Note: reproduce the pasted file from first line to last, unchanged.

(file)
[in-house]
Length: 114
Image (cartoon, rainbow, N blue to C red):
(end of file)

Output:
[in-house]
Length: 114
Image (cartoon, rainbow, N blue to C red):